This is unacceptable.
I saw for myself the aftermath of one protest last summer which left parts of Victoria Street and surrounding areas looking like something out of a war zone: windows smashed, telephone boxes and bus stops vandalised and graffiti everywhere.
Not what you would expect from those who claim to be peaceful protesters…
The changes in the tactics employed by certain protesters, including XR, have highlighted huge gaps in current legislation, passed in the 1980s, and hence why I am supporting the Government’s Policing, Crime, Sentencing & Courts Bill.
Figuring out how to police a new style of protest effectively, without suppressing legitimate and responsible protestors, remains one of the greatest challenges for this legislation.
There has been much debate about these measures – some of it has been informed by fact, other parts of the debate have been informed by misunderstanding.
The Bill was not drawn up to unfairly penalise either protesters or Police. These measures were developed in consultation with the National Police Chief Council, the Metropolitan Police and bolstered by recommendations made by the independent Law Commission to improve the police’s ability to better manage highly disruptive protests.
This Bill does not stop the freedom to demonstrate, it balances that freedom against the rights and liberties of others.
I welcome that with some qualifications, this Bill would actually improve the effectiveness of protest policing and can be applied more proportionately and in line with human rights law. Indeed, I agree that placing a premium on our human rights within legislation is right, and I commend the amendments put forth at Committee Stage to strengthen this issue.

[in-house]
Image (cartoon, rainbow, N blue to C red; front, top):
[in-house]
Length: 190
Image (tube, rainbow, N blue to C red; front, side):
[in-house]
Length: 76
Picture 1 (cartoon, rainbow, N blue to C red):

Much attention has been brought to the so-called “serious annoyance clause.”
Now, I agree that on the face of it including distress, annoyance or inconvenience might seem like an overreach. However, as the MP for the Cities of London and Westminster, with Westminster hosting approximately 500 protests every year, my mailbox is full each time a protest takes place.
People often fall into the trap of thinking Westminster is an ivory tower of rich people with country homes. I admit there are people in my constituency where this is the case, but only a short walk from Parliament Square you will find thousands of people living in social rented homes who do not have the privilege to escape elsewhere.
It is these people who have to deal with the real-life implications of disruptive protests.
What I am hearing from business leaders in the area is that this, in turn, builds a perception that people cannot go out and enjoy Central London. We’re coming out of Covid-19 I want this place to be thriving once more. I do not want these protests to impact people’s lives and livelihoods.
As XR Protestors begin to pack up and return home (hopefully taking their rubbish with them this time) and I prepare to return to Parliament after summer recess I will continue to champion the right to protest and ensure those taking part are safe, that our police officers on duty are safe and that the amenity and safety of local people and businesses are safe. I will support this Bill and all it sets out to achieve.